North Carolina Architects and Builders - A Biographical Dictionary

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Bruce and Morgan (1882-1904)

  • Atlanta, Georgia
  • Architect
NC Work Locations:
  • Murphy, Cherokee County
  • Cherokee
Building Types:
  • Public
Styles & Forms:
  • Romanesque Revival

Cherokee County Courthouse [Murphy]

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Cherokee County Courthouse [Murphy]


Bruce and Morgan, architects, of Atlanta (1882-1904), was Georgia's leading architectural firm of the late 19th century. The Manufacturers' Record of December 27, 1895, reported, "Bruce and Morgan, of Atlanta, will prepare details and specifications and advertise for bids to rebuild the burned courthouse at Murphy." This brief announcement provides documentation for the only known work in North Carolina by this major Atlanta architectural firm.

According to Georgia architectural historian Richard Funderburke, the firm of Bruce and Morgan was "the most successful architectural business in Georgia" in its day. Established by Alexander Bruce (1835-1927) and Thomas Henry Morgan (1857-1940), it was the successor firm to the firm of Parkins and Bruce in Atlanta. Bruce and Morgan advertised that they specialized in planning courthouses, colleges, churches, libraries, and other public buildings. Their courthouse designs were typically eclectic in style and dramatic in form, featuring large towers and irregular rooflines, and combining styles including the Second Empire, Italianate, Romanesque Revival, and Eastlake modes in a single building. They also built many public schools and after 1895 Morgan designed some of Atlanta's first tall buildings.

Only one project in North Carolina has been linked to them—a grandiose edifice that stood for but a few years. The Cherokee County Courthouse (1895) was built of brick in a generally Romanesque Revival style and featured two massive and dramatically unequal towers. In its form and character it resembled known works by the firm in Georgia. It was a stunning centerpiece of the small, long-remote county seat of Murphy.

Cherokee County, the westernmost in North Carolina, had a series of short-lived courthouses. The first court was held in a house. The first courthouse in Murphy was built of brick in the 1840s, then allegedly burned by Federal troops in 1865 and rebuilt on the same walls. A new courthouse was built in 1891-1892 but burned in 1895. The county's fourth courthouse was built to replace it.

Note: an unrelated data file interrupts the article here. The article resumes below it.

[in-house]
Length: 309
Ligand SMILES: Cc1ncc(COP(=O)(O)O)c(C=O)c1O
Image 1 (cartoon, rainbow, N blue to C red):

For the citizens of Murphy, the choice of an Atlanta architectural firm made eminent sense. After the completion of the Marietta and North Georgia Railroad (1888; later the Louisville and Nashville or L&N) from Atlanta and the Western North Carolina Railroad (1891) from Asheville, the long-remote mountain county seat was tied by rail to the larger world, with Atlanta (less than 120 miles away) by far the largest city within easy reach by rail. The large brick courthouse of 1891-1892 offered a bold statement of the newly arrived railroad era.

Evidently, after the 1891-1892 courthouse burned in 1895, it was rebuilt in essentially the same form. What is not entirely clear—though it seems likely—is whether Bruce and Morgan had designed the 1891-1892 edifice as well as providing documents for the 1895 rebuilding. The rebuilt courthouse exists only in photographs, however, for it, too, burned (in 1924). The present courthouse was designed by architect James J. Baldwin in a Beaux Arts classical design, but its footprint was shaped by that of its Romanesque Revival predecessor.

Author: Catherine W. Bishir.

Published 2009

Building List

Cherokee County Courthouse (Murphy, Cherokee County)

Cherokee Murphy


Dates: 1891-1892; 1895
Location: Murphy, Cherokee County
Street Address: Peachtree St. and Central St., Murphy, NC
Status: No longer standing
  • Public
Images Published In:
  • Michael Ann Williams, Marble and Log: The History and Architecture of Cherokee County, North Carolina (1984).

Cherokee County Courthouse

Bruce and Morgan's Work Locations


  • Catherine W. Bishir, Michael T. Southern, and Jennifer F. Martin, A Guide to the Historic Architecture of Western North Carolina (1999).
  • Richard D. Funderburke, "Thomas Henry Morgan, Bruce and Morgan" (2002), New Georgia Encyclopedia,
  • Manufacturers' Record, Dec. 27, 1895.
  • Michelle Ann Michael, "The Rise of the Regional Architect in North Carolina as Seen Through the Manufacturers' Record, 1890-1910," M.H.P. thesis, University of Georgia (1994).
  • Michael Ann Williams, Marble and Log: The History and Architecture of Cherokee County, North Carolina (1984).

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